Center for Mobility and Rehabilitation Engineering Research
Taking Steps Toward Recovery
We enhance quality of life for individuals with motor disabilities through translational research and the development of assistive technology that improves mobility and motor function and enhances their ability to participate in school, work, and community activities.
Neuromuscular and Electrophysiology Laboratory
Senior Research Scientist
Musculoskeletal Biomotion Laboratory
Director, Center for Spinal Stimulation
Neural Plasticity Laboratory
Senior Research Scientist, Center for Mobility and Rehabilitation Engineering Research
Acquired Brain Injury Mobility Laboratory
Research Scientist, Center for Mobility and Rehabilitation Engineering Research
PI - Advanced Rehabilitation Neuroimaging Laboratory
Restoring Mobility through Gait and Balance Training
Restoring balance and mobility is an important first step toward recovery for individuals with disabilities caused by spinal cord injury, stroke, cerebral palsy, arthritis and brain injury. Our scientists apply new technologies that advance rehabilitative care, including robotics, functional electrical stimulation, virtual reality, and the unique research capabilities of the Rocco Ortenzio Neuroimaging Center at Kessler Foundation.
Moving Robotics into Clinical Care
Our scientists have conducted pioneering research in different types of wearable robotics, including the Ekso GT, ReWalk, and Indego. The focus of their robotics research extends beyond restoring mobility to the impact on common complications that affect quality of life, including bone loss, muscle weakness, loss of bowel and bladder function, chronic pain, and sexual dysfunction.
Healing Children with TBI Through Technology
Our research shows that robotic exoskeleton training has the potential for tremendous impact on walking ability, community participation, and quality of life for individuals with brain injury. In a study of adolescents and young adults, participants train in the robotic exoskeleton and wear a Fitbit to record their daily activities. Scientists evaluate the brain changes that occur during motor recovery using a portable, noninvasive technology called fNIRS (functional near infrared spectroscopy). Understanding the changes in brain activity after injury and during recovery helps us design more effective rehabilitation protocols..
Demonstrating Efficacy of Rehabilitation Interventions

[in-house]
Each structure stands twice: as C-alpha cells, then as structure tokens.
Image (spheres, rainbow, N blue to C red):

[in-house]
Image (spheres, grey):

During her visit to the Foundation, New Jersey First Lady Tammy Murphy witnessed the impact of Kessler Foundation's research first hand. She received a demonstration of the efficacy of several rehabilitation interventions including spacial neglect and an exoskeleton worn by Natalie B., a young woman with paralysis caused by traumatic spinal cord injury.
Helping Cancer Survivors Overcome Fatigue and Weakness
Despite advances in the early detection and treatment of breast cancer, many, like Angela Smith, live with fatigue and weakness long after treatment is complete. By studying the mechanisms involved in muscle strengthening, Kessler Foundation scientists are finding new ways to enhance physical conditioning, combat lasting symptoms, and restore active lives. Findings may improve outcomes for cancer survivors, and other populations affected by fatigue and weakness.
Ghaith Androwis, PhD, customizes assistive devices for wheelchair users with a 3D printer
Improving Mobility for Children with Disabilities
Finding solutions for improving mobility for children with disabilities requires a tailored approach to rehabilitation research. In collaboration with Children’s Specialized Hospital, researchers are testing ways to use 3D printing to customize assistive devices, and studying ways to minimize physical stress for young wheelchair users, enabling them to engage safely in school and community life.
Volunteers are the Heart of Research
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Improving Outcomes for Cancer Survivors
Researchers at Kessler Foundation are studying a new way to help breast cancer survivors who experience weakness and fatigue long after their treatment has ended.